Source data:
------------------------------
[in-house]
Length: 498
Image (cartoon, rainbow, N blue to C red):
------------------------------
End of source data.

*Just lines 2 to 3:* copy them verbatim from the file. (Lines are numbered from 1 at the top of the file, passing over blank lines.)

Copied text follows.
Length: 498
Image (cartoon, rainbow, N blue to C red):